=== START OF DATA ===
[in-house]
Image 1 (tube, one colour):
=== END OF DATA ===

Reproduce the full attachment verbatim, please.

[in-house]
Image 1 (tube, one colour):